Watching The Marriage of Figaro at the Wiener Staatsoper

It was such a joy to see Mozart’s Le Nozze di Figaro (The Marriage of Figaro) at the Wiener Staatsoper (Vienna State Opera House) last night, May 2, 2017. It was my first live opera but not my first experience watching a show at the Wiener Staatsoper.

Last March 4, I watched the ballet Onegin which was very beautiful, I have to say. The dance, the music, the set, the story – all were great. Unfortunately, I was overwhelmed by the experience of being at the Staatsoper for the first time that I couldn’t write an acceptable piece for my blog.

This time around, it’s different.

I still went for the standing room tickets, reasonably priced at 3 to 4 euros depending on the spot you pick. Tickets for the Praterre standing area cost 4 euros while those for the Balcony and Gallery standing rooms cost 3 euros. For Onegin, I picked the Praterre, which gave me a relatively close, eye-level view of the stage. However, heads of other SRO viewers often obstructed my line of sight that I had to tiptoe at times.

So, for The Marriage of Figaro, I tried the Gallery, located at the highest level of the Staatsoper. Luckily, I was among the first ones to fall in line for the Gallery and I secured a spot in the front row – middle of the standing area. The grand chandelier was at eye-level and I witnessed it slowly dim when the opera was about to start. Looking down from there, I had a good (although farther) view of the stage and the orchestra without anything or anyone blocking my line of sight.

It was such a delight to see Adam Fischer make all those lively gestures as he conducted the orchestra. It was also amusing to watch the members of the orchestra as they were playing Mozart’s music and to see which instruments were being played and which ones were taking a pause.

The whole orchestra’s energy and elegance was matched by the powerful, witty performances of the cast. Valentina Naforniţa’s smart and spirited Susanna was a perfect pair for the clever, playful Figaro played by Carlos Álvarez. All the schemes and alibis that this couple had to create just to outsmart Count Almaviva, played by Adam Plachetka, hit the right marks and elicited frequent giggles from the audience.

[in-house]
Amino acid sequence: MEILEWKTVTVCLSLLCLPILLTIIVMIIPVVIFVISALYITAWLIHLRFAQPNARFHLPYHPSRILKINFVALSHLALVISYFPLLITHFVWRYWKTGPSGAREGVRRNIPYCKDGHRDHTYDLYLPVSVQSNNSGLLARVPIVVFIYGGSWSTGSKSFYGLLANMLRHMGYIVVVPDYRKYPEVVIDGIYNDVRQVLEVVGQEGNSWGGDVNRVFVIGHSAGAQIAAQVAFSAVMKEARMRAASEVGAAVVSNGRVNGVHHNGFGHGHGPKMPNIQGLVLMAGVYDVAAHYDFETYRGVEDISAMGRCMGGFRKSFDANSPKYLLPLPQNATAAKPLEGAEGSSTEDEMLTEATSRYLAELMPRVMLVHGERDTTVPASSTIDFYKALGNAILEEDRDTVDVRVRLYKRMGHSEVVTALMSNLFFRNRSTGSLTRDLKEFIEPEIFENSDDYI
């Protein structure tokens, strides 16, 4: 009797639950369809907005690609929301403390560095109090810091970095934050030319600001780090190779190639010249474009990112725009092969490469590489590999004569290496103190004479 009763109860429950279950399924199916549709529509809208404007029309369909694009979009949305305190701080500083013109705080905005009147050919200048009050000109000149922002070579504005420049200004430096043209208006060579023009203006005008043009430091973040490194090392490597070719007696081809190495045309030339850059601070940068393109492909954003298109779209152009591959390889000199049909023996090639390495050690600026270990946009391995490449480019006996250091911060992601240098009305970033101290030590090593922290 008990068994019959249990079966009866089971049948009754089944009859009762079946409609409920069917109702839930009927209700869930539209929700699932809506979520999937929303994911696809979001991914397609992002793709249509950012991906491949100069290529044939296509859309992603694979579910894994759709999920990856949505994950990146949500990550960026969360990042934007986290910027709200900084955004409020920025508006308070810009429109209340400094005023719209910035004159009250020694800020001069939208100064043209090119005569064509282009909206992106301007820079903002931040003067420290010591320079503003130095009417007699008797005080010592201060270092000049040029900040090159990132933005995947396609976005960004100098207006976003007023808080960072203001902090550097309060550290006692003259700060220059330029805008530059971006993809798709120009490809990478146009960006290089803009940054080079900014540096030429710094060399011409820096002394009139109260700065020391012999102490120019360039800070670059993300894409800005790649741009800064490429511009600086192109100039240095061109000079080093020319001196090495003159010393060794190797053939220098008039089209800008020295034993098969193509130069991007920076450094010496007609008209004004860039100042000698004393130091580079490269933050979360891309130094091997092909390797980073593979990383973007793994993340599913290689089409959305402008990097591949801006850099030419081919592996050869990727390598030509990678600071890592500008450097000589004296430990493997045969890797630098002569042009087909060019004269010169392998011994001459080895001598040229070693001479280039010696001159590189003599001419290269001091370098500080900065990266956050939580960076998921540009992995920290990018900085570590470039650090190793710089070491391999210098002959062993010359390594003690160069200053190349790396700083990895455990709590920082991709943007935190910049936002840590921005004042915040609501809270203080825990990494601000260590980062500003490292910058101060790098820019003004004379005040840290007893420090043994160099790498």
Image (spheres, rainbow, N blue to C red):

My favorite scene involved all of those three characters: when Figaro was trying to prove (or, rather, to lie) to the Count about the non-involvement of the page boy Cherubino in their schemes – a situation he almost botched but somehow was able to win with the helpful signals from Susanna and the Countess.

A close favorite scene of mine was when Figaro’s lies about the (non)involvement of Cherubino was later on almost revealed but Figaro was able to salvage it with further alibis and confusing rhetoric that the poor Count, not knowing what to believe anymore, was already hyperventilating and had to be fanned by one of his servants. After this scene, I thought to myself: one has to admire how Plachetka could be serious and make himself look funny while still singing an operatic piece.

Adding to the beauty of this hilarious domestic comedy was the set design which seemed to reflect the state of things in Almaviva’s household. Central to the story was the Count’s plan to reinstate the right of manor lords to bed their female servants on their wedding night, a move which would have challenged the acceptable norms of love and marriage even back then (considering that the Count himself abolished that right many years ago).

The set, starting as a room filled with various things, was as disorderly as the state of marital affairs in Almaviva’s household at the beginning of the opera. As the Count’s plan to have an extramarital encounter with Susanna became unraveled and as the characters eventually won back their rightful partners, the set became more spacious. Likewise, the interior of the manor gave way to a garden – a space located out in the open and close to nature, which made it a suitable setting for exposing secrets and feelings and for the restoration of norms.

All’s well that ends well for the characters of this opera buffa but I will always remember how Figaro, Susanna and the Countess Rosina gave Count Almaviva the best joke of his life.

Le Nozze di Figaro will have further performances at the Wiener Staatsoper. For the list of upcoming events at the Vienna State Opera House, please check their website.

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